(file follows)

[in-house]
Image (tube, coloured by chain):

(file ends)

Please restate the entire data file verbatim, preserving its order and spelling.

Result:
[in-house]
Image (tube, coloured by chain):